The second quarter Gross Domestic Product was upgraded by the Bureau of Economic Analysis to 4.2 percent inflation-adjusted, annualized growth, great news for the American people — and bringing the economy one step closer to restoring robust growth.
The U.S. economy has not grown above 4 percent since 2000, and not above 3 percent since 2005. But that could change in 2018 under President Donald Trump, who has promised his tax cuts, deregulation and “fair and reciprocal” trade doctrine would break the losing streak.
So far, the first two quarters have come in at 2.2 percent and 4.2 percent growth, respectively.
To get back on trend for 3 percent for year, the U.S. economy now needs to grow at about an inflation-adjusted 3.98 percent in the third quarter, and then it can finish out the fourth quarter with 3 percent. That would get us exactly 3 percent for the year.
The good news is that the economy may already be on trend to doing exactly that. Right now, Atlanta Fed’s GPDNOW estimate is coming in at 4.1 percent for the third quarter.
Also, the economy overall has produced nearly 3.9 million new jobs since President Trump was sworn in.
Overall unemployment is at record lows — 3.9 percent is a level not seen since 2000. Black and Hispanic unemployment is as low as it’s ever been.
Consumer confidence is as high as it’s been since Oct. 2000.
It’s no mistake.
The tax cuts have been in effect now for eight months. And the impacts of deregulation are all taking root.
As time goes on, President Trump is also racking up new trade agreements with South Korea, the European Union, Mexico and perhaps soon Canada as well.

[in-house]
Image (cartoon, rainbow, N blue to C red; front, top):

Trump via U.S. Trade Representative Robert Lighthizer has notified Congress in the 90-day window that he intends to sign a new agreement with Mexico and Canada too if it wants in — talks continue this week — which will bring an end to the North American Free Trade Agreement (NAFTA) as we know it. Unlike prior deals, these include more concessions from U.S. trading partners.
That all means more U.S. exports overseas and less dumping by trade partners. Which by the way, is freer and fairer trade than Trump’s critics said was possible, who predicted—wrongly—that Trump temporarily levying tariffs would result in a permanent increase in tariffs. Instead, Trump is using tariffs as leverage to better trade deals.
It’s all coming together and it spells more economic growth. For those who have worried that robust growth is no longer possible, President Trump to his credit is focused like a laser beam on proving them wrong. We just need the third quarter to come in the way we’re all hoping. As usual, stay tuned.
Robert Romano is the Vice President of Public Policy at Americans for Limited Government.